Tuesday, March 24, 2015 – #critlib unconference
I got into Portland Tuesday afternoon and made my way to the hotel, met up with my awesome roommate, and headed to registration. That evening I had dinner with the In the Library with the Lead Pipe editors that were in town. We do all our work online so it’s always nice to get to meet up in person.
Wednesday was the #critlib unconference which was incredibly fantastic. Mad props to that whole crew and everyone in attendance. I haven’t had such a wonderful wave of “my people” flow over me since I went to a weaving conference many moons ago. I had volunteered to help set up and break down, but they had things super under control. I think all I managed to help with was cutting some donuts in half.
I’m afraid my note taking was at an all time low for this conference. But thankfully both the #critlib archives and the ACRL website are robust.
My first session at #critlib was the one I had requested: Intro to Critical Theory [public notes][slides]. I was really excited that this was so well attended, both because it meant I was not the only one who wanted this background grounding (it’s not just me!) and because I had correctly identified a need. So yay to that. And kudos to whoever it was that realized it should have the first slot in the morning.
There was some interesting discussion that parallels discussions of library jargon about whether participants in #critlib chats (and presumably other spaces) should adjust their language to be more welcoming to newcomers or whether learning the language of the discourse community was important, words matter, having precise language matters. I also left reassured that even though I personally didn’t know all the names of specific theorists or even some specific terms (hello simulacrum and panopticon), I actually did already have a pretty good grasp on all of the theories that were covered. [I think my film and media studies background helped me a bit here.] There was also discussion of starting a book group, which I believe has been moved forward a bit since then.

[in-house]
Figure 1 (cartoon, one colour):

Between sessions I quick grabbed Emily Drabinski to ask her for tips on onboarding new editors to open access journals. It was intended as more of a, hey, let’s talk about this later, but she was able to quickly share that assigning specific tasks was key. Possibly one of the most important concrete nuggets of conference for me.
I was very sad to miss the 1st session on open access, labor, and knowledge production [side note: the organization and notes from this are phenomenal]. So a few of us had our own impromptu research justice and labor production session. My only note from that discussion is “daytime #critlib chat? on the clock” Night time is off the clock for many of us, requiring unpaid labor. (also, just inconvenient for some) Some would be more able to participate while at work. Obviously the opposite is also true for many, their jobs may not consider Twitter chats, however relevant, to be part of their job. I do remember I was interested in this topic from many angles, I am an editor at an open access, open peer review journal that runs entirely on volunteer labor. I also volunteer with a group blog that is investigating trying to specifically pay authors of color and I’ve been reading things from communities of color such as Gradient Lair’s Content Use Policy. As well as, specifically, arguments that they do not want their freely available publicly visible online content being used in academic research – effectively making them research subjects without informed consent. I’m lucky enough that so far, all of my jobs have encouraged me to do Lead Pipe work on the clock, but we’ve definitely had editors on our board who had to do all of their Lead Pipe work on their own time. No answers here, just a lot of competing beliefs and realities. We also rehashed some of the ideas around exclusionary language from the first session.